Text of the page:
An NRF C-Rating for former teacher and passionate UFH Climate Change Researcher
A teacher by profession and Researcher by passion, Dr Leocadia Zhou’s career in the education sector and academia, which spans over three decades, recently became full circle when she was awarded a C-3 Rating by the National Research Foundation.
Her rating brings the number of newly-rated Researchers at UFH to ten.
Dr Zhou is the Director of the UFH Risk and Vulnerability Science Centre (RVSC) under the Faculty of Science & Agriculture. The Centre was initiated in 2011 by the Department of Science and Innovation (DSI) and the National Research Foundation (NRF); it is one of five flagship entities under the Global Change Research Plan's (GCRP) framework to direct global change research investments in South Africa.
She started her career as a teacher. Between 1990 and 1997, she taught Cambridge O and A-level Geography as a full-time teacher in Zimbabwe at Mandava High School. “Being a teacher laid a strong foundation for my quest to improve academically,” she said.
In 1997, she enrolled for a Bachelor of Arts degree majoring in Geography at the University of Zimbabwe.
Her journey at UFH started in 2001 when she enrolled for an honours degree in Environmental Science thereafter, she progressed to do her masters and doctoral degrees in Geography and Environmental Sciences at Fort Hare. Over the years, 2004 and 2021 she has held the following positions: Intern at UFH’s Govan Mbeki Research & Development Centre (GMRDC) from 2004 to 2009; Post-Doctoral Research Fellow at Risk and Vulnerability Science Centre (RVSC) in the year 2010; Manager of Risk and Vulnerability Science Centre (RVSC) from 2011 up to 2014. She was appointed Director of RVSC in 2015.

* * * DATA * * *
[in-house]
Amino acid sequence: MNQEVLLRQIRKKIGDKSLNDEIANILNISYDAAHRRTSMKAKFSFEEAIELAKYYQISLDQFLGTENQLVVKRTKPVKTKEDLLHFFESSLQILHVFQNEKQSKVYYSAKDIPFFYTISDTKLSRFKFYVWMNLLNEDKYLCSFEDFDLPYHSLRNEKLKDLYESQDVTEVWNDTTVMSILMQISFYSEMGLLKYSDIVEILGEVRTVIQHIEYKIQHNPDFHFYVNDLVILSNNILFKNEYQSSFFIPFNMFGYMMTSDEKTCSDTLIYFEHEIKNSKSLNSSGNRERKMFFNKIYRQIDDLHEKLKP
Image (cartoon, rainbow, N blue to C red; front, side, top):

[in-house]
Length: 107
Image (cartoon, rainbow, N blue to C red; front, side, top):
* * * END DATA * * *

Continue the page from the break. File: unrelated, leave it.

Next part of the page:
Her research interests are in areas related to climate change management.. According to her, global warning issues are topical and a betterfuture can only be feasible through mitigatory research interventions. Calamities and disasters can be averted through the adoption of smart green technologies.
“I have strong vested interests in making the earth a better place to live and improving human livelihoods. Thus, my research focus is based on the conscious acknowledgment of the fact that the increasing incidence of extreme climatic events and global warming poses significant challenges that need to be confronted and addressed by promoting the adoption and implementation of scientifically informed coping strategies.”
As a Researcher, Dr Zhou strongly believes her calling is to identify gaps and proffer solutions. As such she continues to demonstrate a passion for research in the following:
- Challenges that undermine improved understanding of climate-change stressors and processes that impact on the livelihoods of resource-poor communities;
- Societal responses to the adverse effects of climate change with emphasis on the water, energy and food security nexus;
- Barriers and enablers of climate-change adaptation and;
- The formulation of implementable interventions that can be used to increase the resilience of marginalised communities. I am gratified when l look at the outputs, outcomes and impacts of my research contributions towards addressing these global challenges.